Customer self-service has proven to be mutually beneficial for enterprises as well as consumers, with both realizing time and cost savings. However, the empowered customer is destined to become the overwhelmed and frustrated customer, unless enterprises begin planning for customer-led automation.
“In the future, you’ll be able to give a bot a list of things to do in the morning. You’ll say to your bot, ‘Order me 10 rolls of paper towels, cancel and reschedule my dentist appointment, etc.’ and it will go do it. We’re not there yet, but that will be the future,” says Mitch Lieber, president of call center consultancy Lieber & Associates.
Several trends are driving customer-led automation. “Consumers are finding their world of data growing. Their lives have a digital counterpart. And, because of this trend of customer self-service, consumers have a lot more stuff to do,” explains Anthony Mullen, senior research director at Gartner. “Over time, consumers will delegate more because they have to. If they can’t delegate, the whole digital train comes to a halt.”
To prepare for customer-led automation, enterprise IT organizations need to account for the fact that customer self-service will involve both customers and their bots. Gartner estimates that by 2030, a billion service tickets will be raised automatically by customer-owned bots.
“Self-service is one more digital tool customers can use themselves, but consumer bots will also use these tools, proactively monitoring my broadband speed and opening a trouble ticket on my behalf even while I’m sleeping, scheduling appointments, negotiating prices,” Mullen says. “Whenever a consumer interacts with a business, increasingly we’ll find customers delegating that interaction to their own bots and personal assistants.”
The impact of customer-led automation on IT organizations
What does that mean for enterprises? “If IT professionals don’t prepare for customer-led automation, they’ll find that their custom service people are run ragged by bots. IT professionals must be able to conduct chat bot and virtual assistant experiences with humans and also increasingly with their bots,” says Mullen. He adds: “The ability to handle natural language processing is an absolute key capability.”
Lieber agrees. “IT needs to look at what the business offers online that requires typing and can be made easier with voice, how they can do that voice enabling -- with an application or by hooking up with Alexa or Google -- and also create the database of voice-enabled terms.”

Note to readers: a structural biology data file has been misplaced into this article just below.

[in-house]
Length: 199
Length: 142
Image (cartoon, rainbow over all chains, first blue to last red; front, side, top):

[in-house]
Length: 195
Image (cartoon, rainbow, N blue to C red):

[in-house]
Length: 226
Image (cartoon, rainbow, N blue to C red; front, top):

Creating that database will take some careful consideration. “What you do on a website may need to be handled differently in voice. If your current website sells food and chickpeas are listed, you’re relying on someone figuring out that chickpeas are garbanzo beans. Customers have to know that they are the same thing. That’s done differently via voice than text,” says Lieber.
Enterprises will also need to think about discoverability. “Consumers will increasingly have fewer one-to-one relationships with brands and more relationships with topics. Consumers might have their own general-purpose personal assistant, like Alexa, but also a handful of other specialist personal assistants -- for entertainment, or finance and wealth -- that span across many brands,” explains Mullen. “Organizations will have to make sure they’re published in all these different services and that they bubble to the top. If you’re in finance and a consumer asks, ‘How can I get a loan?’ you have to make sure customers will find your business.”
Enterprise IT organizations should also be mindful of the fact that customers will leverage consumer products, not enterprise technology, to carry out automation. “Customers deal with thousands of brands and each one has its own UI or bot, and that’s not sustainable. Consumers will increasingly simplify the number of UIs they own,” explains Mullen. That means customers will spend less and less time on enterprise-branded websites or applications and more time interacting with brands via consumer technology.
Mullen’s advice: “Over time, IT organizations should wind down their own apps and UIs and begin to move engagements to consumer-owned devices.”
The move to consumer products, however, doesn’t negate the need for user experience testing. “Sometimes IT departments are in a rush to deploy things quickly and that’s great, but there always needs to be a testing phase to test the user experience,” says Lieber. “Have multiple people test the user experience because there may be some hiccup in your system when it’s done with voice that you won’t recognize otherwise.”
Finally, Mullen points out that customer-led automation will require organizations to change the way they think about customer self-service. “This social-technical system demands that organizations be a little less myopic -- my brand, my customers -- and realize that customers engage with a lot of brands and a lot of interfaces. Enterprises must expect customers to automate some of the effort, and enterprises will have to work harder to be discovered. Brands that get that will be in a much better position for the future.”Crystal Bedell is a freelance writer specializing in B2B technology. She's been creating thought leadership content for IT media companies and technology providers since 2008. Prior to that, she worked for TechTarget where she was the editor of SearchSecurity.com for eight ... View Full Bio